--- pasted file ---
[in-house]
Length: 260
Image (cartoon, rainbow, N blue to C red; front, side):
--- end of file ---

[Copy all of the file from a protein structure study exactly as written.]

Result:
[in-house]
Length: 260
Image (cartoon, rainbow, N blue to C red; front, side):